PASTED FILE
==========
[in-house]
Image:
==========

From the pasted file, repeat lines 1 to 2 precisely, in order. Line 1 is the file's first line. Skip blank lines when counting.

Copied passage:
[in-house]
Image: